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Year : 2020  |  Volume : 6  |  Issue : 4  |  Page : 370-376

Chinese herbal medicine for the treatment of human immunodeficiency virus/acquired immune deficiency syndrome-associated diarrhea: A protocol for the systematic review and meta-analysis of randomized clinical trials

1 Department of traditional Chinese Medicine, First School of Clinical Medicine, Beijing University of Chinese Medicine, Beijing, China
2 Centre for Evidence-Based Chinese Medicine, Beijing University of Chinese Medicine, Beijing, China
3 AIDS Centre, Ruikang Hospital, Guangxi University, Guangxi, China
4 London South Bank University, UK

Correspondence Address:
Prof. Jian-Ping Liu
Centre for Evidence-Based Chinese Medicine, Beijing University of Chinese Medicine, Beijing, 100029
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Source of Support: None, Conflict of Interest: None

DOI: 10.4103/wjtcm.wjtcm_74_20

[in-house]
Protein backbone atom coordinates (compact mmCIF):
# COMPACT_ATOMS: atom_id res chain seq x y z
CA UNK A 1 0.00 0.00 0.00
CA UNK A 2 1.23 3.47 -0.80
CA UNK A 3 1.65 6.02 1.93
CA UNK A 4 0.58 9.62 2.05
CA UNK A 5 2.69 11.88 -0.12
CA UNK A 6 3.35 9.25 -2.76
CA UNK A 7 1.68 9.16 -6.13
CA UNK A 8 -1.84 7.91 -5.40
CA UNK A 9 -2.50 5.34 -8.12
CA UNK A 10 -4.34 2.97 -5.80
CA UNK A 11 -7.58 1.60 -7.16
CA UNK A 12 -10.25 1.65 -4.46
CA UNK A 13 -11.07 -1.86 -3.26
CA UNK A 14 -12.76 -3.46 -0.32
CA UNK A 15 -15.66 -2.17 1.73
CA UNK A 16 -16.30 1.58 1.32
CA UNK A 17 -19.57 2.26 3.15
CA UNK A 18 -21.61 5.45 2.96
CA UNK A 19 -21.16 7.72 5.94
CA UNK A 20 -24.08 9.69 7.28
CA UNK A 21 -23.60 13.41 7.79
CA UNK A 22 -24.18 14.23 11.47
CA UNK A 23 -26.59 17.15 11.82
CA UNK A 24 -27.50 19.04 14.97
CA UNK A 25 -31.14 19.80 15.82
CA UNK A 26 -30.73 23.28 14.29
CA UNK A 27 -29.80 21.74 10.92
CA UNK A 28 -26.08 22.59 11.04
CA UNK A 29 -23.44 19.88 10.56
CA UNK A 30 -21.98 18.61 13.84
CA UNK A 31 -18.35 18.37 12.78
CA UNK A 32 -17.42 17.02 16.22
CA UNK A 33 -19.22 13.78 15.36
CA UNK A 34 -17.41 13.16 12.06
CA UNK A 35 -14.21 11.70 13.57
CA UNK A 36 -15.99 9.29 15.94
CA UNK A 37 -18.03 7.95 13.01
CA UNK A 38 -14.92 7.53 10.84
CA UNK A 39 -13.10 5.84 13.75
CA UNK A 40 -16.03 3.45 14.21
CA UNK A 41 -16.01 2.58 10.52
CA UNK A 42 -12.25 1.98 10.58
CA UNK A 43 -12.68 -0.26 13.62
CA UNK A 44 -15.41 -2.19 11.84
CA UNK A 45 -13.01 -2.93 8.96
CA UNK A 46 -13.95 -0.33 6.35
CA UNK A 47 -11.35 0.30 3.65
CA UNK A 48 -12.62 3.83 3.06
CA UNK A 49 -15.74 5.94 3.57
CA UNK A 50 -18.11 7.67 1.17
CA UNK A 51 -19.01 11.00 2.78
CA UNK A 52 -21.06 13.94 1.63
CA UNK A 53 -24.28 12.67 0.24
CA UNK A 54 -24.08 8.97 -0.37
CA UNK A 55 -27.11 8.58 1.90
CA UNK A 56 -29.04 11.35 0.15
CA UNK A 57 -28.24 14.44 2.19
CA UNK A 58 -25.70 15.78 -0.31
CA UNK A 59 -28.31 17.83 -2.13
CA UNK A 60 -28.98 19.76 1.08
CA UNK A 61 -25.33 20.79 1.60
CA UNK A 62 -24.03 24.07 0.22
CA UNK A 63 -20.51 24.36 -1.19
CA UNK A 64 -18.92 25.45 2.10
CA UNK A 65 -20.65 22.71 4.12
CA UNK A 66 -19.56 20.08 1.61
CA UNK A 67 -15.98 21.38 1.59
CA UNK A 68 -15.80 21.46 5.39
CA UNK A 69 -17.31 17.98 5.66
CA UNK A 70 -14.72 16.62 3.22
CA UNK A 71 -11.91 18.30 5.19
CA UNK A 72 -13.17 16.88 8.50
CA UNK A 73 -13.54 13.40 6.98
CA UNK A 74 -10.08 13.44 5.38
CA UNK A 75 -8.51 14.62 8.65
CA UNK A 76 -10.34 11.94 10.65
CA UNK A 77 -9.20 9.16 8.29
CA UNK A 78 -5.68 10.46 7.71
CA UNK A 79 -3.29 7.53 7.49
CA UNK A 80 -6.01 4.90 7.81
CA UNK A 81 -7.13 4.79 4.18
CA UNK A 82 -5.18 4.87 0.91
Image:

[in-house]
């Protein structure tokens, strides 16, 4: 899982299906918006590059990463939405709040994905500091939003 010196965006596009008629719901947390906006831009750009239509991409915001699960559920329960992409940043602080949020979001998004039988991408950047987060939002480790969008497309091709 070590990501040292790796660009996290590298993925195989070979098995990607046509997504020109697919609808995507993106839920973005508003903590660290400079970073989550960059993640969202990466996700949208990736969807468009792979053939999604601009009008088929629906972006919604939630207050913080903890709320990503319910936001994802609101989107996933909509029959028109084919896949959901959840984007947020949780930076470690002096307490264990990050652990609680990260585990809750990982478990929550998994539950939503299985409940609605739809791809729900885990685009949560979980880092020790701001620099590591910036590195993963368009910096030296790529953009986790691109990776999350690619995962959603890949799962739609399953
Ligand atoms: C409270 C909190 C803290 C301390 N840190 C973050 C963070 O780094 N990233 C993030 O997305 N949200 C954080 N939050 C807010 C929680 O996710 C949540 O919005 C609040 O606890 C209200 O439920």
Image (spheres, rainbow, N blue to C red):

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Diarrhea can occur at an early or advanced stage of acquired immunodeficiency syndrome (AIDS) as a usual symptom in people with human immunodeficiency virus (HIV) infection. While it is usually not fatal, it can influence patients' quality of life seriously. It has shown to be efficacious and improves people's immune status to a certain extent to treat HIV/AIDS-related diarrhea on the basis of syndrome differentiation and treatment or Chinese herbs plus conventional treatment. Therefore, it may have a good application potential. Here, we outline a protocol for the systematic review of this health-care intervention, with the aim to evaluate the beneficial effects and safety of Traditional Chinese Medicine (TCM) for patients who suffer from HIV/AIDS-associated diarrhea. Randomized controlled trials that compare Chinese herbs with placebo or other effective treatments will be searched and included, in spite of publication status or language. The primary outcomes include diarrhea frequency and fecal character. The databases we will search as follows: China Science and Technology Journal Database (VIP), Chinese Biomedical Literature Database (SinoMed), Wanfang Data, China National Knowledge Infrastructure, PubMed and the CENTRAL in Cochrane Library. Two authors will respectively conduct the screening of trials, data extraction, and use the Cochrane risk of bias tool to assess the methodological quality. We will analyze the data and perform a meta-analysis if possible. We intend to identify potential therapeutic modalities that may be of benefit to inform clinical practice by supplying existing evidence of the helpful effects and safety of TCM to treat patients suffering from HIV/AIDS-associated diarrhea.

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